This month’s blog for the Women and Parliament series as part of our activities in celebration of the centenary of the Representation the People Act 1918, which allowed some women to vote in the UK for the first time, comes from our Assistant Director and one of the coordinators of our oral history project, Dr Emma Peplow. She discusses the experiences of women MPs in parliament in the 1990s based on the the oral history interviews taken for the project…
Since I last wrote about the experiences of women MPs in the 1970s and 1980s, we have interviewed many more MPs for our oral history project, including many more women. This post will focus on women’s experiences during the 1990s; a decade of significant change for women in parliament. 1987 saw a small breakthrough in their representation as MPs (they passed the 5% barrier for the first time), but it was the Labour landslide of 1997 following the party’s introduction of All-Women Shortlists that we now recognise as the significant moment for female representation in the UK Parliament.
Throughout most of the late 1980s and 1990s, however, women’s experiences had changed remarkably little from previous decades. Parliament was still overwhelmingly a male space, and even after 1997 women faced similar challenges with the culture and political opportunities. The Labour MP Joyce Quin, elected in 1987, remembered being confused on her first day with a parliamentary secretary: an event which left her ‘absolutely astonish[ed]’ after her experience in the European Parliament. Even in 1997 the Liberal Democrat Jackie Ballard described the atmosphere in the chamber as overwhelmingly sexist:
For others, however, the atmosphere did not bother them. Labour’s Llin Golding (elected in 1986) felt that women’s rights were an issue for middle class women with ‘more time to think’.
For many of our interviewees, their gender still put them at a disadvantage as certain were considered off-limits to women, as described by Liberal Democrat Jenny Tonge, elected in 1997:
This impacted women across parties. Conservative Olga Maitland (elected in 1992) was told by a colleague that despite her background in foreign affairs as a pro-NATO campaigner, ‘as a woman’ she would not be accepted on the Defence and Foreign Affairs select committee, and to ‘concentrate on domestic politics for now’ – a situation she described as ‘frustrating beyond belief’. Labour’s Alice Mahon, the second woman to sit on the NATO Parliamentary Assembly described it as an ‘all-male preserve’ and felt excluded from informal debates which often took place in the toilets.
By the 1990s, many in the Labour party were campaigning hard for change. As Maria Fyfe remembered on the night of her election in 1987:
After various different schemes were tried, the Labour party introduced All-Women Shortlists before the 1997 election, and a number of women were selected on this basis before a legal challenge halted the practice. Labour’s Hilary Armstrong, Personal Private Secretary to the leader John Smith, told us how important his support and lobbying was for ensuring this measure passed:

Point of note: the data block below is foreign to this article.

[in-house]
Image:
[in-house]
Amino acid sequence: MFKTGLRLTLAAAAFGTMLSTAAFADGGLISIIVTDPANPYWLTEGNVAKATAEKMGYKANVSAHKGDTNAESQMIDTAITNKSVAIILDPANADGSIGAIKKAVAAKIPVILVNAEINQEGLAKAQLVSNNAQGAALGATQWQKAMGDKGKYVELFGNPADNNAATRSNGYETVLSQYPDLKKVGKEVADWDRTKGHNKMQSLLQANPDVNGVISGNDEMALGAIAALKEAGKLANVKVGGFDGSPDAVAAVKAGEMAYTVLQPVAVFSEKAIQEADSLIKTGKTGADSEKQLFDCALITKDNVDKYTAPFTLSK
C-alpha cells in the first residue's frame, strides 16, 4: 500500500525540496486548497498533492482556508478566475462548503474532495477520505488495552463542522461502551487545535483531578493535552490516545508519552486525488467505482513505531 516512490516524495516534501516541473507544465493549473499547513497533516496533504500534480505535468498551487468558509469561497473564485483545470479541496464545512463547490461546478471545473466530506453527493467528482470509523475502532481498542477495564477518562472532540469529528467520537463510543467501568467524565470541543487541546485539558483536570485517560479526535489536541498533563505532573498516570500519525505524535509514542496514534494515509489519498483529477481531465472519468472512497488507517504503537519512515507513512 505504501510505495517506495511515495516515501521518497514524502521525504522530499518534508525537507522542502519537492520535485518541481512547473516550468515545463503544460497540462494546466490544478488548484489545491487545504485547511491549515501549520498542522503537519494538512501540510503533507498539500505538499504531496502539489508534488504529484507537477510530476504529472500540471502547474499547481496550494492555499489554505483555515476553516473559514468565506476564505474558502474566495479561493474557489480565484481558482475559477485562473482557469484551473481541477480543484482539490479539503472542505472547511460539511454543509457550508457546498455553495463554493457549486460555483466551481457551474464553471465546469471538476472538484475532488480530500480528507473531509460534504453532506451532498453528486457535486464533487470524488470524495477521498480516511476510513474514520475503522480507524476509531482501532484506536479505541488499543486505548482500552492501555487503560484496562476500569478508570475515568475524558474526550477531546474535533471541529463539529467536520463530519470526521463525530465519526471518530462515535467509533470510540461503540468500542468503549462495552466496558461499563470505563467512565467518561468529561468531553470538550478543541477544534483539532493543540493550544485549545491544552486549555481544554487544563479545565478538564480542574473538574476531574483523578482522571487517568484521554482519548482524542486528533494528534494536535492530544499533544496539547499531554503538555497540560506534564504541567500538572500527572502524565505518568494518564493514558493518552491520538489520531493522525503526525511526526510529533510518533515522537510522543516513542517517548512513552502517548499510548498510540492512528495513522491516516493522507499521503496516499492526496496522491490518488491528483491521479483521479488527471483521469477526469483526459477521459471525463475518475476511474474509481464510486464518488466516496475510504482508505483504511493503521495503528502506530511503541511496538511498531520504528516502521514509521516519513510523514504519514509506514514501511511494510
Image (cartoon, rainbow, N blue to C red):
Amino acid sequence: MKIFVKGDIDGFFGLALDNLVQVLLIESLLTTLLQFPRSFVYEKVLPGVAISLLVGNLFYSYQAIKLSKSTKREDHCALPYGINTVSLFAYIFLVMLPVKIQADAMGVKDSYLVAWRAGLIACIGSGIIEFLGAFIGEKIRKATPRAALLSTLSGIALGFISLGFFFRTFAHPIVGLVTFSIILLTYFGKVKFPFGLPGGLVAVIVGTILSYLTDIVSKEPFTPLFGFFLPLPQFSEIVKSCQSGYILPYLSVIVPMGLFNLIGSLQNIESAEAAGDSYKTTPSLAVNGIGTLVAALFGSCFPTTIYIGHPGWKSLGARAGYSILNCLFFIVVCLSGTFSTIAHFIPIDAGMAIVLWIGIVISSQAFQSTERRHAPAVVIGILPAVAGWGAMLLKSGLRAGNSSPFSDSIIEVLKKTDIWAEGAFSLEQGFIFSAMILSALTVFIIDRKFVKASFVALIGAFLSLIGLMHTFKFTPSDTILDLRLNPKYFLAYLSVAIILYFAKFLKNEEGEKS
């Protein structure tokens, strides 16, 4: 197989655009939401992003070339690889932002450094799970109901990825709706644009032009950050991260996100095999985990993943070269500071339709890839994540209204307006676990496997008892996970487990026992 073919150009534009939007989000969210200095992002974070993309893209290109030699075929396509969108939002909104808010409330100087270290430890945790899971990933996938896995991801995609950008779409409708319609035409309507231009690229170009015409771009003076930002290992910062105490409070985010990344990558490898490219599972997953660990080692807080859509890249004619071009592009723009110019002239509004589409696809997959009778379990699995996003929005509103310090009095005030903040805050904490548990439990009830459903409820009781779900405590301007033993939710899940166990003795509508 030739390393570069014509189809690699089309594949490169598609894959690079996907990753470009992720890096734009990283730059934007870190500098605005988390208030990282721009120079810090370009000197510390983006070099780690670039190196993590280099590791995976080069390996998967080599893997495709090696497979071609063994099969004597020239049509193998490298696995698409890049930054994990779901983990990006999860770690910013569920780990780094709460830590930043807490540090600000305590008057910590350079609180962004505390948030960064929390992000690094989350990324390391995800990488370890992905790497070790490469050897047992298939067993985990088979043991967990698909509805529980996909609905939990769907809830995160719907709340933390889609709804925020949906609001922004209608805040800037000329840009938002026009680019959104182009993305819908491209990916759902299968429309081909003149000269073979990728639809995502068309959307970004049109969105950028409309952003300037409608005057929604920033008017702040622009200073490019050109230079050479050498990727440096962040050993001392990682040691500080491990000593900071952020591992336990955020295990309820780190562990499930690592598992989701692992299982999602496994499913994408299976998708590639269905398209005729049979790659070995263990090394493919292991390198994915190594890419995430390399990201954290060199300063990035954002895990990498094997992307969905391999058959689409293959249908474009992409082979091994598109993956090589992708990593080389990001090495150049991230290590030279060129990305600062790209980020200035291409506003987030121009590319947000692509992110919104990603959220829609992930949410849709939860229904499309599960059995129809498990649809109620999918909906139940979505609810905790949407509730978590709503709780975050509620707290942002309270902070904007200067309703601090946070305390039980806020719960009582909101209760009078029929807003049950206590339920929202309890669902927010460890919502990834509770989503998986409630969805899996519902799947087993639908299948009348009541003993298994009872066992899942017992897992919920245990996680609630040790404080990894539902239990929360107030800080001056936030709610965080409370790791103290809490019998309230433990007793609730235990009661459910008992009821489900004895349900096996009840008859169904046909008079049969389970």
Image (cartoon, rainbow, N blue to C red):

John [Smith] was very strong on [all-women shortlists], very strong. Interesting he had three daughters himself, so he was never frightened – he always knew women had capacity and all the rest of it, even though he came from a fairly traditional background. [Hilary Armstrong, Labour 1987-2010]
Reflecting on the measure, many of our interviewees were in favour. Labour’s Helen Jackson argued that the ‘quota system was the only way to make a difference.’ However, whilst acknowledging its success in increasing the numbers of women, some found it problematic. For example Ann Taylor admitted she ‘wasn’t sure what I’d have felt like if I’d been selected on an all-women shortlist, whether I’d have felt sort of on equal terms.’ Outside the Labour party there were similar mixed feelings: Liberal Democrat Jackie Ballard described campaigning for her party to adopt the measure; whereas Conservative Olga Maitland said proudly:
Others, such as Angela Browning, just ignored the sexism, although she was proud that she had ‘never baked a cake for the Conservative Party’ despite being asked several times! Whatever their feelings, all acknowledged the change in the appearance of the House, as described here by Labour’s Ann Cryer, elected herself in 1997 but who had previously worked in Parliament for her husband, formerly an MP:
Many of the women elected soon began campaigning for more significant changes in how they were addressed, working hours, and for a crèche. Yet these changes faced opposition and were not all adopted immediately. To many women’s horror, the Labour MPs were dubbed ‘Blair’s Babes’ by the media:
I remember saying if anyone calls me a Blair’s Babe I will sue. But of course they didn’t, partly because I’d been around a while and partly because by that time I was no babe! Honestly I thought that was dreadful. [Maria Fyfe, Labour, 1987-2001]
Even with the dramatic increase in numbers in 1997, for women MPs, there was (and is) still some way to go before reaching full equality.